The in vitro isolated and perfused whole heart preparations work at physiological loads (i.e. preload, 0.15 kPa; afterload, 3 kPa) and generate values of output pressure (PO), Q̇, Vs, Ws and power that mimic the physiological values of the animal, as previously described (Imbrogno et al., 2001). As indicated in Figs 1 and 2, the isolated and perfused heart of the large eels showed an improved basal performance with respect to their smaller counterparts. This is exemplified by the increased basal fh (38.93±2.82 and 52.7±1.8 beats min–1 for small and large hearts, respectively) and Vs (0.27±0.017 and 0.37±0.016 ml kg–1 for small and large hearts, respectively).

When exposed to preload increases (up to 0.65 kPa), small and large hearts revealed a similar Frank–Starling response (Figs 1, 2), being very sensitive to filling pressure increases, ranging from 0.15 to 0.6 kPa. In the two groups,the maximum (29.29±2.12 and 37.51±1.05 ml min–1 kg–1 body mass for small and large hearts, respectively) and the maximum Vs (0.65±0.05 and 0.66±0.008 ml kg–1 body mass for small and large hearts, respectively) were obtained at an input pressure of 0.55 kPa.

In the small hearts, increases of the output pressure PO reduced and Vs starting from the first increment. In contrast, the large hearts were able to sustain increases of PO up to 6 kPa without any significant decrease in Vs. Further increases of afterload significantly compromised cardiac function (Figs 1, 2). Gradual increase of either preload or afterload did not significantly modify fh in either of the two heart groups (Figs 1, 2).

Morphology and morphometry

Both small and large eels showed the typical mixed type of ventricle consisting of an outer compact layer and an inner spongy layer(Fig. 3). Eel ventricular growth was achieved by increasing both the compacta thickness and the trabecular diameters in the spongiosa (Fig. 3, Table 1). This occurred without a parallel increase in free ventricular lumen. On the contrary, the surface area of the lacunary spaces was significantly reduced with growth (Table 1), the ventricle appearing more `muscularized'. The increase in thickness of the compacta was accompanied by an increase in the number of vascular profiles,and in the surface area occupied by vessels, as indicated by a significant lower myocardium/vessel ratio (Fig. 3, Table 1). In addition, analysis of the percentage of the surface area occupied by myocardium, vessels and interstitium in the compacta revealed that myocardium and vessels undergo a significant increase with growth. However, the interstitium undergoes a significant decrease(Table 1). In the spongiosa,due to the absence of vessels, it is only possible to measure the percentage of the surface area occupied by the myocardium and the interstitium, and we did not find significant modifications in either of the two parameters with growth, although a similar trend in increasing the surface area occupied by the myocardium and in decreasing that of the interstitium was detected(Table 1).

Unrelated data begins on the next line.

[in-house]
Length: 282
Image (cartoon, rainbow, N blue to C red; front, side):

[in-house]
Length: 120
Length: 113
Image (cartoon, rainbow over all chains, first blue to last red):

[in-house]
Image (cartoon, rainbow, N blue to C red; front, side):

In the compacta, the number of myocytes increased with growth, while the cellular cross-sectional area decreased, the myofibrillar compartment decreased, and the mitochondrial compartment increased. In the spongiosa,there was also an increase in cell number with growth, and a decrease in the cross-sectional area and in the myofibrillar compartment. However, the mitochondrial compartment of the spongiosa did not show any significant modification with growth.

When the two eel groups were compared, the compacta of the small eels contained larger myocytes, a smaller myofibrillar compartment, and a smaller mitochondrial compartment than the spongiosa. In the large eels, however, the compacta contained smaller myocytes than the spongiosa, a larger myofibrillar compartment, and a similar mitochondrial compartment(Table 1). Thus, compacta myocytes, despite becoming smaller in size than the spongiosa myocytes with heart growth, contain a higher amount of myofibrillar material.

The comparative dynamic analysis between the hearts of small and large eels in the present study illustrates how the ventricle pump is able to operate in a flexible manner in relation to growth. Furthermore, changes of cardiac mechanical behaviour occurring during growth positively correlate with structural modifications of the heart ventricle, providing a dynamic perspective to its myoarchitectural heterogeneity (i.e. compacta vsspongiosa) (Tota and Gattuso,1996).

The relationship between heart and ventricular growth vs body growth, not previously recorded in A. anguilla, shows that heart growth is linearly related to body growth and that in the two eel groups the ventricle mass represents the same percentage of the total body mass. Although a complex network of factors such as cold acclimation, relative cardiac work,sexual maturity, etc., may modify the rate of ventricular growth in teleosts(Houlihan et al., 1988; Graham and Farrell, 1989; Clark and Rodnick, 1998), the linear increase in ventricle mass during growth of the animal is well documented (Poupa et al.,1981; Franklin and Davie,1992, and references therein).